5 burning questions for Southern Illinois in 2019

5 burning questions for Southern Illinois in 2019
D.J. Davis has made an impact for SIU since his freshman season. (photo courtesy of SIU Athletics)

One of the first jobs that Southern Illinois head football coach Nick Hill took on this offseason was finding new offensive and defensive coordinators.

Now that he has Blake Rolan in place on offense, this spring’s priority is to find a quarterback to run Rolan’s wide-open attack.

With Jason Petrino running the defense, the Salukis must revamp a unit that ranked last in the Missouri Valley Football Conference in three different statistical categories.

The challenges abound for SIU, which won only two games last season.

Here are five burning questions facing the Salukis for 2019:
Who plays quarterback next season?

The past two years, senior quarterbacks were removed from the starting lineup late in the season as the Salukis stumbled.

This season, Sam Straub went to the bench in favor of fellow senior Matt DeSomer.

The outlook for next season, however, doesn’t have a veteran on the current roster to take over.

Straub and DeSomer combined to pass for all 18 of the team’s touchdowns and 2,328 of SIU’s 2,379 yards through the air.

Freshman Nic Baker of Illinois’ powerhouse Rochester High School program completed 4 of 7 passes in two games. Sophomore Stone Labanowitz, a junior college transfer, completed one pass.

For the SIU offense to thrive, the Salukis need a consistent and highly productive presence at quarterback.

On Wednesday, Baker’s high school teammate at wide receiver, Avante Cox, made his transfer from Wyoming to SIU official. Perhaps that combination will connect again on the field.


When will the injuries stop?

Injuries became the storyline for much of the season in 2018.

In fact, starting tight end Jake Varble and starting linebacker Cody Crider sustained torn ACLs in the same game. For Crider, it was the third time he has torn the same knee ligament.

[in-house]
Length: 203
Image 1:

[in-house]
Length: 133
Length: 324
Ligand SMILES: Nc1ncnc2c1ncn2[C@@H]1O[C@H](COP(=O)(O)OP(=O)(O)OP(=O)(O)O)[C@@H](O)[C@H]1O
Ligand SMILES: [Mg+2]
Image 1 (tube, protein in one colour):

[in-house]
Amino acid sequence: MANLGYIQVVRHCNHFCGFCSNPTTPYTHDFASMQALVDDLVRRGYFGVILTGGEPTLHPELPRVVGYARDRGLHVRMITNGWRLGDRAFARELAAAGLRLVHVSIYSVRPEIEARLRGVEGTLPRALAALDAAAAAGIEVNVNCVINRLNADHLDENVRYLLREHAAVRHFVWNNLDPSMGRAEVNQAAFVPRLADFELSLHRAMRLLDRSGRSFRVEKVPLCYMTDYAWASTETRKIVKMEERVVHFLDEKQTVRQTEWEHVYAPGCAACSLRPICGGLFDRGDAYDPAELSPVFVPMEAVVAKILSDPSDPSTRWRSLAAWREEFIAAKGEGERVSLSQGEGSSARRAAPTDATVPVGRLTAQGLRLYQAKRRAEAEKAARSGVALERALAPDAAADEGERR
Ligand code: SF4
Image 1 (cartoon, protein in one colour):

The injuries didn’t discriminate by position.

DeSomer played the final few games with a painful foot injury. Reserve running back Johnathan Mixon missed time and safety Qua Brown had knee surgery during the season.

Hill doesn’t like to use injuries as an excuse, since everybody has them.

But when will the Salukis enjoy some good health?

When that happens, it will go a long way to increasing the hope for a brighter future in the program.


Can new defensive coordinator Jason Petrino revive the defense?

Among five defensive categories in the Missouri Valley Football Conference, the Salukis ranked last or next to last in each one.

Giving up a league-worst 40.7 points and 483.4 yards a game can certainly leave a bad taste in your mouth.

Along comes Petrino, who spent four years during his career as the defensive coordinator at South Dakota.

The SIU defense has individual talent at each level.

Sophomore defensive end Anthony Knighton has 13.5 tackles for loss and 8.5 sacks this season. Meanwhile, sophomore linebacker Bryce Notree has a team-leading 78 tackles and 49 solo stops.

Junior Jeremy Chinn led the secondary with a team-high three interceptions and seven pass breakups.

In the past three seasons, Petrino’s defenses at NAIA Rocky Mountain College in Montana, where he was the head coach, shaved 10 points and nearly 40 yards a game off of their defensive average.

He will have to solve the defense’s 5.5 rush yards and 8.5 pass yards per play allowed in order to make some headway in the conference.

The good news is that he has 10 starters returning and another year of recruits to build a more stingy defensive unit.


What will the offense look like under new coordinator Blake Rolan?

Last season, as the offensive coordinator at NCAA Division II Dixie State, Rolan led a wide-open passing attack that ranked fifth in the nation.

The Trailblazers averaged 323.5 yards a game using three different starting quarterbacks. Six different receivers had at least 19 receptions, which should be welcome news to SIU sophomore Landon Lenoir, the team’s top returning receiver with 48 catches.

Expect do-it-all running back D.J. Davis to see plenty of opportunities to catch the ball out of the backfield as well.


How much more can D.J. Davis do?

A team-leading 1,118 rushing yards.

Twenty-nine receptions.

Punt and kickoff return duty.

How much more can soon-to-be senior running back D.J. Davis do for SIU?

The Salukis need Davis to continue contributing in all facets of the game … and they need to find him more help.

An efficient quarterback running the show would go a long way to making Davis even more effective.

The team lost two of its top four receivers and needs to find replacements this spring.

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